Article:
• Commission people to specific vocations in the same way you would pray for pastors or foreign missionaries. One church has commissioned those in finance, law, the arts, and the health industry, so far. Commissioning services have a powerful ability to affirm people in their work.
  • Instead of a traditional adult Sunday School, one church hosted a seminar series called Vocare. The purpose of the seminar was to explore the intersection between the gospel culture and vocation, thinking through how we live out our call as God’s people in the world in light of the challenges and opportunities of our cultural moment.
  • One church, in place of Vacation Bible School, started an “All of Life” camp. The church takes children who attend the camp to various workplaces where adults are working, and they talk about their work. The goal is to give these students a rich experience within that particular work context.
  • Some churches have started vocational affinity groups. The idea is to place Christians who serve in the same industry in a small group for mutual encouragement and instruction.
  • One church launched industry roundtables, which were organized around vocations. These were mid-size communities, organized around a particular industry. The purpose of the groups was to explore “theology, ethics, best practices, tensions, and networking.”

What others suggestions do you have for church leaders to help those within their churches to see the value of their work and callings?


1 Comment

9 Ways You Can Help Those in Your Churches to Integrate Their Faith with Their Work ~Part 1

So what can we do to help those within our churches to see the value of their work and callings, whether it is in a paid or non-paid vocation? Here are 4 practical suggestions for church leaders. Next time I’ll follow-up with 5 more suggestions.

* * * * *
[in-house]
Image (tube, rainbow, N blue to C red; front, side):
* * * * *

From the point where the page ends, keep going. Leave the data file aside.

1. Celebrate vocations within our churches. Tom Nelson writes “Our local church is becoming more intentional about celebrating the broad diversity of vocations within our congregation. In our Sunday morning services, congregational members periodically give short and timely vocational testimonies, either live or via video, regarding their faith at work. At times the video testimonies will be shot on location at their particular workplaces.”

One way we have celebrated vocations in our church is by holding four men’s ministry sessions in which a total of fifteen men, serving in different callings and vocations, shared what it was like for them to do their work for the glory of God. We had sessions with those in the medical field, college professors working at a local university, senior leaders in large organizations, business owners, those in the insurance and financial services field and others. They shared how they are being salt and light in their workplaces.  

The questions I asked our presenters were:

  • What is your name and your primary vocation?
  • Please share what it’s like to be a believer in your particular vocation?
  • Do you feel that your vocation is something that the Lord has called you to?
  • How do you approach your vocation differently than a non-believer in your organization might?
  • Has your faith ever caused problems for you in the workplace?
  • Have you ever been asked to do something in your role that you felt conflicted with your beliefs?

Below are a few reflections from these four sessions: